There was a brief moment of silence between us, an uneasy feeling washing over me as the awkwardness settled in.
“So… what are you doing here, exactly?” I finally managed to ask.
“Oh, nothing special. Just listening in. It can be pretty boring sometimes, but it’s fun when you hear them!”
I was confused to what she had just said. “Hear who…?”
She didn’t say anything. She only knelt down on the ground again, and motioned for me to do the same. I hesitated…but eventually I did. I felt the wet soil soak through my jeans, making it all even more uncomfortable to move.
Her ear was pressed against the ground of a “Wilbur Whately, Sr.” tombstone. The look on her face kept changing constantly; changing from bored to looking like she was really close to bursting out laughing.
…and she eventually did, raising her head in the process.
“Ha, ha, ha! Sorry, sorry, I don’t think you’d wanna hear this, he-he…” she vaguely stated. I did not understand her at all, and I was beginning to think that it might’ve been a bad idea approaching her.
She stood up again, dusting off her skirt. “Come on! I know a better place for you to start!”
“I… I don’t know,” I said, standing up myself. “I’m not supposed to wander around too much.”
“It ain’t that far from here, I can promise ya that. Right about…” she spun around, putting her hand above her eyes, almost like a sailor scanning the sea for dry land. “There!” she pointed to another grave I couldn’t quite distinguish. True to her word, it didn’t seem too far from us. I didn’t think it would land me in trouble at least…
“Okay, if you say so.”
She led the way, passing by three different rows of concrete slabs with the names of the deceased etched on the headstones beside them, and moving on to the one at the far left corner of our block. From where we were, I could see my mom, kneeling down and still busy praying.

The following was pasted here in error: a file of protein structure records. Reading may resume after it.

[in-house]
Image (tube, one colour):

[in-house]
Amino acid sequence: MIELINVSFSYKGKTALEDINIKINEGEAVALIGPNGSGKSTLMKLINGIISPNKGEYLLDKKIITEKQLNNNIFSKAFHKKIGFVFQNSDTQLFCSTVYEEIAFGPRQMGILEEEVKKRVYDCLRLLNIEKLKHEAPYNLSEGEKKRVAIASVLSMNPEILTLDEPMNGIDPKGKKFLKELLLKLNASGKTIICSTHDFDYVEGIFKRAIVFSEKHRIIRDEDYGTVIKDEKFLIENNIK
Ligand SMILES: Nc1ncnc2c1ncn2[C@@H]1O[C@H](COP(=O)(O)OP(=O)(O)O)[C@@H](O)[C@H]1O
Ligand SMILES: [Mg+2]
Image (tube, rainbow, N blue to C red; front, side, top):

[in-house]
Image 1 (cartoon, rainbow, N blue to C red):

I looked at the tombstone that stood beside me. The name was slowly fading away, “Mitchell” being the only thing I could clearly make out of it.
“Mitch here can be a real wallflower, but when he starts talking, you won’t believe how kookie his stories can be!” she remarked before kneeling down.
I did the same right as she bent her head down on the concrete slab. She listened in for about half a minute, before sitting back up right with a giggle.
“Yup! That’s Mitch, all right! Okay, it’s a little tricky at first, but it’ll be worth it! Trust me.”
“Sure, okay… what should I do exactly?”
“Just get your good ear out and listen! Oh, and uh… just make sure there isn’t anything that can… you know, crawl into your ear and stuff. Believe me, you do not want that, heh…”
This was probably my last chance to get up, make up a lame excuse and run away, but I still decided to press on.
Staring down at the concrete, I asked myself a question, a boatload of questions, really. Was I really going to do this? Listen in on someone’s grave for some currently unknown reason? With my own curiosity being the only thing that drives me to do so?
And then there was that one question…
What was I going to hear if I did?
I placed my two hands on the cold slab and slowly lowered my head, putting my left ear down. Hearing the same bubble-like sounds you’d hear when you cover your ears.
I stayed like that for a few minutes, hearing nothing out of the ordinary.
“I can’t hear anything,” I said, taking my ear off the slab.
The girl in front of me looked a little confused. “Maybe… give it another try?” she suggested, tilting her head to one side.
I did just that, and still there was nothing. “It does sound hollow, though… but I guess it is a grave after all.”